I kept trying. Then one night, Randy and I found the spider hanging upside down, hog-tied by its own thread. What was going on? I'd never seen this species spinning any silk before. Then I noticed: Its carapax looked funny as if the tegment (dorsal part) had come loose like the lid of a can.
The side view was clearer: the spider was molting. The transparent grey part is the emerging spider in its new skin. Like insects, spiders have stiff chitinous exoskeletons that cover at least the thorax and the extremities. Muscles attach to the inside, sensory hairs sit on the outside, The cuticula even gives structure to tracheas and lungs, and it forms sharp claws and scelicera. But it is rigid when fully hardened and needs to be shed periodically for the spider to grow.
|A new pair of new chelicera appeared under the old ones (darker) and also a new row of eyes|
|The abdomen has torn loose from its very thin old skin|
|The spider in it new pale skin is hanging under the old exuviae, with most of the length of the legs still inside|
Suddenly the palps fall forward one by one and their swollen distal parts reveal that this is now a mature a male. He will fill the blueish genital bulbs with seminal fluid from his abdomen. Then he will keep the sperm in his palps until he finds a female that allows him after elaborate courtship to transfer a spermatophore into her spermatheca. Male palps and female epigyna (cover and opening of the spermatheca) differ greatly from spcies to species and allow sex only among members of the same species.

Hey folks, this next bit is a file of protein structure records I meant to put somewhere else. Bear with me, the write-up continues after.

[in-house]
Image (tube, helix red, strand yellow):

If you look closely, you can see the exuvia of the old palps just above the old chelicerae, and there were no genital bulbs. This means that this guy just went through puberty with this molt!
I was watching the progress of the molt now for more than 15 minutes (I carry no watch, but Randy had long left for home because he is not THAT interested in bugs and he can always look at my photos later)....
The spider was now wiggling slightly and rotating on its silk thread because his center of gravity began to shift when his long legs pulled free.
After he had pulled completely free from his exuvia, the spider stayed suspended from his silk line. All extremities were extended. The new skin now needed to harden and dry to become a functional exoskeleton, pigmentation would mature, and I had reached the end of my camera's battery life.
|Exuvia and freshly molted spider (hanging still under and attached to the old skin)|
I wanted to come back in the morning to claim the exuvia. I was hoping to see how a spider's complex book lungs are represented in the old cuticula. But in the morning there was no trace left of the night's miracle. I did meet Mr. Giant Crab Spider sitting proudly on his copper pipe though.
|female Giant Crab Spider Olios giganteus Photo by R. Hardy copyright|
Arthropods (Arthropoda) » Arachnids (Arachnida) » Spiders (Araneae) » True Spiders (Araneomorphae) » Entelegynes » Giant Crab Spiders (Sparassidae) » Olios » Olios giganteus